The above video provides a nice introduction to long-bone anatomy.

This video titles itself, "Gross anatomy of bone" and focusses on that of long bones.


The shaft, non-end portion of long bones.
The diaphysis is tube-shaped mid-section of long bones, consisting of compact bone in its exterior but relatively little spongy bone in its interior. Instead, the interior consists of bone marrow. This is predominantly red bone marrow at younger ages and predominantly yellow bone marrow at older ages. Basically it is the presence of the diaphysis that makes long bones long.

Compact bone

Rigid and somewhat densely ossified connective tissue found within animals possessing endoskeletons.
Compact bone, though dense, is not solid but instead is filled with microscopic channels which allow movement of interstitial fluid. Compact bone in addition possesses larger channels known as Haversian canals through which blood vessels and nerves are routed. Nutrients, oxygen, and wastes consequently can penetrate relatively easily into compact bone despite its macroscopically solid appearance.

Compact bone makes up the portions of bones that contribute substantially to their rigidity, durability, and weight-bearing ability, but nonetheless compact bone represents only a portion of bones. In addition, compact bone is heavy, since ossified tissue is heavier than other body materials, and therefore compact bone is employed only sparingly in bones, that is, its production is avoided to the extent that local or total body mass is an issue.

Compact bone also does not possess bone marrow directly within its substance, so represents volume within bodies that has limited function other than serving in a body-supporting capacity.

Links to terms of possible interest: Blood vessel, Bone marrow, Canaliculus, Cancellous bone, Compact bone, Lamellae, Osteoblast, Osteoclast, Osteocyte, Spongy bone, Trabeculae


Strut- or beam-like connective tissue elements.
Trabeculae are found in many locations within the body, taking up space and/or providing rod-like rigidity. They serve, for example, as the osseous tissue of spongy bone.

Links to terms of possible interest: Canaliculus, Compact bone, Endosteum, Lacuna, Osteocyte, Osteon, Osteonic canal, Perforating canal, Periosteum, Spongy bone

Spongy bone

Rigid and somewhat sparsely ossified connective tissue found within animals possessing endoskeletons.
Spongy bone is superficially sponge-like in its structure, that is, possessing a structure that is full of holes and passages. Here, though, that structure is ossified.

Unlike an actual sponge (which is a kind of animal), the volume found within this sponge-like structure is filled with other tissues rather than with water. This other tissue predominantly is bone marrow, which is another form of connective tissue, though bone marrow is not found exclusively within the confines of spongy bone but instead also in non-boney volumes within bones called marrow cavities (i.e., medullary cavities).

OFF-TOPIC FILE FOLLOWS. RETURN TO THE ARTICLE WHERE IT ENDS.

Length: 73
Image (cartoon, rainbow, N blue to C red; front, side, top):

Spongy bone adds to the strength and rigidity of bone, though less so than compact bone adds to that strength and rigidity. Spongy bone, however, is not as heavy as compact bone. With spongy bone an animal thus can possess dual use bone material that also is lighter, allowing the formation of larger bones without incurring as great a penalty, in terms of weight and versatility, as is the case when and where compact bone is used more extensively.

Links to terms of possible interest: Bone marrow, Cancellous bone, Compact bone, Spongy bone, Trabeculae, Trabecular bone

Bone marrow

Soft connective tissue found within bone and used for generation of blood cells as well as for energy storage.
Bone marrow can be differentiated into two types, red bone marrow and yellow bone marrow. It is from red bone marrow that blood cells are formed via mitosis followed by maturation and differentiation. This type of bone marrow is found predominately within spongy bone.

Yellow bone marrow serves as fat storage. Fat, as found within adipose cells is both a compact and lightweight energy storage molecule. Fat possesses both of these properties basically because fat is not hydrated – that is, does not draw water to itself – and also fat itself is less dense than water (oil as a kind of fat, for example, tends to float upon water rather than water upon it).

This means that in the limited space found within bones a relatively large amount of energy can be stored, as fat. Also, by storing fat there rather than denser or heavier materials, the bones themselves, as a whole, are lighter than they otherwise would be and therefore can more rapidly change direction, allowing for more effective as well as efficient movement of the body.

Links to terms of possible interest: Bone marrow, Cartilage, Medullary cavity, Red marrow, Spongy bone, Yellow marrow

The above video has poor sound quality but nonetheless does a good job of describing what bone marrow is all about.


Mature cells responsible for maintaining the mineralized ground substance making up bone.
Osteocytes mature from osteoblasts. Both are relatively metabolically inactive and are found trapped within mineralized bone. They are responsible for "turning over" bone, that is, breaking down as well as building up bone as needed.

Due to this ongoing remodeling, bone can be strongest or heaviest where such strength is most needed (i.e., where bone is most stressed in the course of normal activity) and lighter where such strength is less needed. Bone, that is, is dynamic in terms of its structure and this dynamism occurs due to the action of osteocytes.

Since osteocytes are trapped within bone, are required for normal bone functioning, and are not readily replaced, they are long-lived cells, basically surviving as long as the bone surrounding them survives.

Links to terms of possible interest: Compact bone, Haversian canal, Osteoblast, Osteocyte, Osteon

The above video illustrates the functioning of osteoclasts and osteoblasts along with the formation of osteocytes.

Haversian canal

Capillary- and nerve cell- containing structure found within normal mineral deposits within bone.
The Haversian canal or associated Haversian system is a basic functional unit of compact bone, representing the product of layered depositing of calcium hydroxyapatite, the mineral making up bone. This layering occurs around existing nerves and capillaries.